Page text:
In fall, I am slated to teach two courses that are not only near and dear to my pedagogical heart–and really, what other kind of heart is there?–but also timely, relevant, and dare I say essential for getting along in the world.
ENG-W 210: Literacy and Public Life (#35201)
2020 Vision: Essential Skills for Learning and Doing in the Post-Digital Era
Mondays and Wednesdays, 11:30am – 12:45pm in KO 200
ENG-W 210, which the IU bulletin gives the ecumenical title “Literacy and Public Life,” is a course I have taught several times before on such diverse topics as the mythology of the American Dream and the global corporation in American culture. Teaching it again in the fall offers an irresistible opportunity to revise the 2017 version of this course to take into account the explosion of interest in problematic information in the digital media space over the last three years.
We have to take seriously the notion that, in 2020 and perhaps for the foreseeable future, to exist at all is to dwell in the midst of a maelstrom of information. Research further suggests that traditional-age college students, who are often referred to as “digital natives,” are no more technologically savvy than anyone else. College students need to be taught how to use the web critically and carefully.
This course provides students with the background knowledge, critical skills, and essential strategies to not only succeed academically and professionally in an increasingly uncertain information environment, but also the means to survive and thrive in the post-digital era. Students learn how to be critical, careful consumers of media and learn essential strategies and habits of mind for navigating the digital environments in which we now spend nearly all of our waking hours.
Over the course of the semester, I plan to bring students up to speed on conversations surrounding
- all forms of problematic information (e.g., disinformation, misinformation, propaganda, framing effects, “fark,” churnalism, deepfakes, cheap fakes, etc.);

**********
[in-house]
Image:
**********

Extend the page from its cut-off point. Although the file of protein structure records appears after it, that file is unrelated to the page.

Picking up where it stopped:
- the structure of digital textuality, micro-targeting, and algorithmic inequality;
- cutting-edge research on digital media’s effects on the brain and our evolutionary/cognitive apparatuses for determining truth and falsehood;
- the philosophical and theoretical infrastructure of media, cognition, and learning;
- how digital media are superlative in their ability to actively condition and shape what we pay attention to as well as our perspectives and opinions on issues.
ENG-W 215 (#32859)
Language, Power, and Persuasion: An Introduction to Rhetoric
Mondays and Wednesdays, 4:00pm to 5:15pm in KO 104
ENG-W 215, the second course, is an introduction to rhetoric and the rhetorical tradition that I have taught several times before.
For many students, and perhaps even most people, the word “rhetoric” brings to mind the epitome of empty speech or pointless bloviation–talk for the sake of talking, some might say, or the empty lies associated in the minds of many Americans with politics.
However, as any rhetoric scholar or recent-ish PhD in English will fall all over themselves to tell you, rhetoric, as a concept, a discourse, an educational curriculum, and even an orientation to being itself (in the Heideggerian sense), is far more capacious and complex than these traditional understandings allow.
To put it bluntly, rhetoric–the art (science? practice? corporeal orientation?) of learning to be persuasive–writes the checks that make all other fields of inquiry and forms of learning possible (cf. Plato, Aristotle, Cicero, Quintilian, Erasmus, Francis Bacon, Nietzsche, …).
Rhetoric, as we will explore it in this class, is a way of seeing, knowing, and learning. This course will review the history of rhetoric across its vast two thousand-year history from the ancient Greeks to the present, as well as examine how rhetoric functions as a set of practices for writing, teaching, persuading, and communicating.